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Comp Reading your Way to Success

Comp Reading your Way to Success

publishing reading tools May 16, 2024

Okay, let’s get the elephant out of the room.

If you’re anything like me, the first time you heard someone talk about a comp title, you tried to discreetly pull your phone from your pocket and stealthily search “wth is a comp title” and then insisted that you totally knew what they were talking about the whole time even though you still weren’t 100% sure that you knew what it was.



“Comp” stands for comparable or comparative, not compensation or competition. Not that I thought the publishing industry would expect us to list the books we’re going to be competing against in a query letter or anything. A comp title is a comparable title, or another book that is targeting a similar audience as yours! 

These books are your contemporaries, not your competition. Be honest. We all know how long your tbr (and mine) is. Two books being similar is way more likely to encourage readers to read both than pick just one.


The Many Uses of the Comp

Now, with the elephant gone, let’s focus on why we use comp titles. Comp titles do significantly more heavy lifting than their status as a quickly and discreetly searched for publishing vocab word would imply.

Comp titles are used for three things:

  1. To help you, as an author, better understand the publishing and purchasing market you’re entering into.
  2. To help agents, as a middle-man, get a quick, down and dirty picture of what your novel is about, the audience you’re targeting, and where your book fits into the market.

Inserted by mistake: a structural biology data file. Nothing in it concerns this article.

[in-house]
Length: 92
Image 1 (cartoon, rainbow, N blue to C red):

3. To help publishers and readers, as consumers, to understand if the book is going to resonate with them.


Despite each of these scenarios being different enough to deserve a highlight above, comp titles do the same thing in each of these scenarios: comp titles are meant to pinpoint and convey the vibe of your book by using a familiar title.

While book covers, blurbs, and reviews are all things that influence us into (or out of) buying that book we’ve been hearing about online, the quickest way to my reader heart is to compare the book to one I already love.

A book with a beautiful cover, a blurb that hooks me, and a high Goodreads rating will always have me carrying it around Barnes and Noble for an unspecified amount of time until I convince myself it’s worth the little treats I’ll have to give up to buy it. But if I’m told it’s the next Nancy Drew?


 It’s on sight, baby. (And not in the violent way.)


The Search for a Comp

Unfortunately, like most things in the writing and publishing world, finding a comp title is much easier said than done. And so I’ve put together a quick list of dos and don’ts to make it easier read than done too!

Do check publishing dates

We’re starting with a heavy hitter of a do. Choosing a comp that has been published within the last five years is crucial.

As an author, comp titles are intended to give you a snapshot of what is currently popular in the market that you’re looking to enter. That only works if the comp title was released in the current market. In mystery, it’s always tempting to read a timeless comp title like Sherlock Holmes or Miss Marple, but it’s not going to do you any favors.